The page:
Taiwan Tati Cultural and Educational Foundation

 
  • Increase font size
  • Default font size
  • Decrease font size
Home The News News Virus Fears: Canada and Japan endorse WHO bid

Virus Fears: Canada and Japan endorse WHO bid

E-mail Print PDF

Canadian Prime Minister Justin Trudeau speaks in the House of Commons on Parliament Hill in Ottawa on Wednesday.
Photo: Reuters

President Tsai Ing-wen (蔡英文) yesterday thanked Canadian Prime Minister Justin Trudeau and Japanese Prime Minister Shinzo Abe for their support of Taiwan’s bid to join the WHO as the number of confirmed 2019 novel coronavirus cases in the nation increased to nine.

“Particularly, I want to thank the US, Canada, Japan and other countries for publicly supporting Taiwan’s bid to join the WHO, as well as other international friends who have recently voiced support for Taiwan’s inclusion in the WHO,” Tsai said at the Presidential Office in Taipei as she reassured people about the government’s ability to prevent an epidemic.

“Taiwan is capable of and responsible for making contributions to the world. The WHO must not exclude Taiwan due to political factors,” she said.

Trudeau, after circumventing a question by Canadian Conservative Party leader Andrew Scheer about Taiwan’s inclusion in the WHO in parliament on Tuesday, became assertive when answering the same question from lawmaker Michael Cooper on Wednesday.

“This is a question about Taiwan,” Cooper said, stressing Taiwan by spelling it out. “Does the government support the inclusion of Taiwan in international discussion about the virus? Again, Taiwan, yes or no?”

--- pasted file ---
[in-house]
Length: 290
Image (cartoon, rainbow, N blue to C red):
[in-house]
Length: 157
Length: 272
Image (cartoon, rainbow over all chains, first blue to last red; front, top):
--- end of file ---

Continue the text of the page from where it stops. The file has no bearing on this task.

“Yes, Mr Speaker. As we did during the time of the SARS virus, we support Taiwan’s meaningful participation in international multilateral forums. Especially when its presence provides important contributions to the global public good. We believe that Taiwan’s role as an observer in World Health Assembly meetings is in the best interest of the international health community and it also is an important partner in the fight against this epidemic,” Trudeau said.

His remarks were greeted by applause.

It was the first time that a Canadian prime minister had publicly voiced support for Taiwan’s bid to join the WHO, following similar gestures by Canadian Deputy Prime Minister Chrystia Freeland and former Canadian minister of health Ginette Petitpas Taylor, the Ministry of Foreign Affairs said in a statement.

Separately yesterday, Abe told the Japanese parliament that Taiwan’s participation in the WHO is necessary to effectively combat the spread of the novel coronavirus, Kyodo news reported.

“It will be difficult to maintain health and prevent further infections in this region if [Taiwan] is excluded for political reasons,” Abe was cited as saying. “We will continue to make our country’s stance clear at the WHO.”

On Wednesday, Saint Lucian Prime Minister Allen Chastanet issued a statement calling on the WHO to include Taiwan.

“Given Taiwan’s proximity, its importance as a transport hub and its 23 million population, Saint Lucia urgently calls on the WHO ... to ensure that there is full involvement of the Taiwanese authorities in the international consultations, planning and decisionmaking to monitor, control and ultimately halt the further spread of the coronavirus,” the statement said.

 

Source: Taipei Times - 2020/01/31



Add this page to your favorite Social Bookmarking websites
Reddit! Del.icio.us! Mixx! Google! Live! Facebook! StumbleUpon! Facebook! Twitter!  
 

Newsflash

Experts told a conference in Washington on Wednesday that to avoid war over Taiwan, Beijing and Washington must change their current policies.

“China must renounce the use of force against Taiwan or Washington must declare clearly, unequivocally and publicly that it will defend Taiwan against Chinese attack,” said Joseph Bosco, who served in the office of the US secretary of defense as a China country desk officer in 2005 and 2006.

The US, China and Taiwan urgently need a “declaration of strategic clarity,” he said.

Quoting former US secretary of state Henry Kissinger, Bosco said that while ambiguity was sometimes the lifeblood of diplomacy, it could not be maintained indefinitely.